What is a ‘fatalist’ and, if Winston is an example of this, how could this lead to his demise?

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pohnpei397's profile pic

pohnpei397 | College Teacher | (Level 3) Distinguished Educator

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A fatalist is a person who is extremely pessimistic.  They are sure that bad things are going to happen to them and that there is nothing they can do to prevent those bad things from happening.

Winston is definitely a fatalist.  The moment he writes "Down with Big Brother" in his diary, he knows that he is dead.  This kind of an attitude, in my opinion, does help lead to his demise.

Because he thinks he's sure to get caught anyway, Winston takes some stupid chances.  He rents the room over the shop, he goes to O'Brien's house for the "meeting" of the Brotherhood.  He is not as careful as he ought to be.

If you feel like you're going to get caught and killed no matter what, why bother trying hard to avoid getting caught?  That's what happens with Winston, I think.

kmj23's profile pic

kmj23 | (Level 3) Associate Educator

Posted on

According to the University of Stanford, fatalism refers to an "attitude of resignation in the face of some future event or events which are thought to be inevitable." (See the first reference link). In other words, fatalism is the idea that failure is guaranteed and we see lots of examples of this attitude in Winston's character. When Winston starts keeping a diary, for instance, being found out by the Party is all that he can think about:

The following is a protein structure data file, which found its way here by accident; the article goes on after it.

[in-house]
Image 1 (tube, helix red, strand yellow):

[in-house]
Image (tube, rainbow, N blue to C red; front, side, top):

theyll shoot me i don’t care theyll shoot me in the back of the neck i dont care down with big brother they always shoot you in the back of the neck i dont care down with big brother.

Winston is a fatalist because he understands the true power of the Party. From the telescreens to the memory holes, Winston knows that the Party is everywhere and, therefore, it is impossible to hide one's rebellion forever, as he comments:

He was already dead, he reflected…Now he had recognised himself as a dead man it became important to stay alive as long as possible. 

As such, because Winston knows that the Party will catch him, he snatches at every opportunity to rebel. He buys and writes in his diary, for example, he develops a sexual relationship with Julia and he goes to O'Brien's apartment where he agrees to become a member of the Brotherhood. All of these actions are punishable by death but Winston does not care because he believes that his fate is already sealed. It is ironic, then, that Winston does not die at the hands of the Party but instead learns to love Big Brother. 


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